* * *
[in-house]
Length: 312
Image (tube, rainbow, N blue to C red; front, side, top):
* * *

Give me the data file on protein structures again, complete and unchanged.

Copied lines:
[in-house]
Length: 312
Image (tube, rainbow, N blue to C red; front, side, top):